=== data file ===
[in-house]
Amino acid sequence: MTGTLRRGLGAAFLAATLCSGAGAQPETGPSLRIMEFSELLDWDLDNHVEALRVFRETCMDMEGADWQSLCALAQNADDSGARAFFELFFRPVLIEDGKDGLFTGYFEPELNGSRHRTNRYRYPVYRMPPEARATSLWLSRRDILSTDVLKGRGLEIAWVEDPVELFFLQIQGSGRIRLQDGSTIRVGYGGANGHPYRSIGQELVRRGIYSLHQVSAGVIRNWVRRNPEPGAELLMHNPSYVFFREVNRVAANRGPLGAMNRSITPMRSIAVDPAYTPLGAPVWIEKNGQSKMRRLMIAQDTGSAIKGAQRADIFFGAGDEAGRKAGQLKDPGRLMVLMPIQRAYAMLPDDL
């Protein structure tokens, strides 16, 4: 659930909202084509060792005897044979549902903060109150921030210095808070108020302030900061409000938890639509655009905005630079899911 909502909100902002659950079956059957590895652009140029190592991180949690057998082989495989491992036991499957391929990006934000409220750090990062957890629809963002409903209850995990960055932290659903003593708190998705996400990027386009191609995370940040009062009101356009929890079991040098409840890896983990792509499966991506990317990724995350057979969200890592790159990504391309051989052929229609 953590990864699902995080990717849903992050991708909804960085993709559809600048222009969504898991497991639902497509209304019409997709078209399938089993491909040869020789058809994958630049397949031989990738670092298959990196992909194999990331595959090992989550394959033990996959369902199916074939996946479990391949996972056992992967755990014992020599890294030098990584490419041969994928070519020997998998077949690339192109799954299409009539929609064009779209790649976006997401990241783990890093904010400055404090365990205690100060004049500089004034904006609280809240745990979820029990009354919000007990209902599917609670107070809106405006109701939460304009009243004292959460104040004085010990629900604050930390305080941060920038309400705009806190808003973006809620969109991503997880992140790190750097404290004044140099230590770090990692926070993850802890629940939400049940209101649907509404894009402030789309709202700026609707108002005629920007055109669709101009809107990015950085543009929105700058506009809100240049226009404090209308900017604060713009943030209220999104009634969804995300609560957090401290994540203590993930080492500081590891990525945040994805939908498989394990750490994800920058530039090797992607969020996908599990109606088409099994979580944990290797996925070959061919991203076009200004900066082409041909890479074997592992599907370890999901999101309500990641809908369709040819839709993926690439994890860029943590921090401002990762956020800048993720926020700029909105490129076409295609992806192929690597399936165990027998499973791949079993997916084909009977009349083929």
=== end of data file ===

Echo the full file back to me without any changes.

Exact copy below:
[in-house]
Amino acid sequence: MTGTLRRGLGAAFLAATLCSGAGAQPETGPSLRIMEFSELLDWDLDNHVEALRVFRETCMDMEGADWQSLCALAQNADDSGARAFFELFFRPVLIEDGKDGLFTGYFEPELNGSRHRTNRYRYPVYRMPPEARATSLWLSRRDILSTDVLKGRGLEIAWVEDPVELFFLQIQGSGRIRLQDGSTIRVGYGGANGHPYRSIGQELVRRGIYSLHQVSAGVIRNWVRRNPEPGAELLMHNPSYVFFREVNRVAANRGPLGAMNRSITPMRSIAVDPAYTPLGAPVWIEKNGQSKMRRLMIAQDTGSAIKGAQRADIFFGAGDEAGRKAGQLKDPGRLMVLMPIQRAYAMLPDDL
């Protein structure tokens, strides 16, 4: 659930909202084509060792005897044979549902903060109150921030210095808070108020302030900061409000938890639509655009905005630079899911 909502909100902002659950079956059957590895652009140029190592991180949690057998082989495989491992036991499957391929990006934000409220750090990062957890629809963002409903209850995990960055932290659903003593708190998705996400990027386009191609995370940040009062009101356009929890079991040098409840890896983990792509499966991506990317990724995350057979969200890592790159990504391309051989052929229609 953590990864699902995080990717849903992050991708909804960085993709559809600048222009969504898991497991639902497509209304019409997709078209399938089993491909040869020789058809994958630049397949031989990738670092298959990196992909194999990331595959090992989550394959033990996959369902199916074939996946479990391949996972056992992967755990014992020599890294030098990584490419041969994928070519020997998998077949690339192109799954299409009539929609064009779209790649976006997401990241783990890093904010400055404090365990205690100060004049500089004034904006609280809240745990979820029990009354919000007990209902599917609670107070809106405006109701939460304009009243004292959460104040004085010990629900604050930390305080941060920038309400705009806190808003973006809620969109991503997880992140790190750097404290004044140099230590770090990692926070993850802890629940939400049940209101649907509404894009402030789309709202700026609707108002005629920007055109669709101009809107990015950085543009929105700058506009809100240049226009404090209308900017604060713009943030209220999104009634969804995300609560957090401290994540203590993930080492500081590891990525945040994805939908498989394990750490994800920058530039090797992607969020996908599990109606088409099994979580944990290797996925070959061919991203076009200004900066082409041909890479074997592992599907370890999901999101309500990641809908369709040819839709993926690439994890860029943590921090401002990762956020800048993720926020700029909105490129076409295609992806192929690597399936165990027998499973791949079993997916084909009977009349083929």